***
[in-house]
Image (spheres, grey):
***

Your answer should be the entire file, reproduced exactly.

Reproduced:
[in-house]
Image (spheres, grey):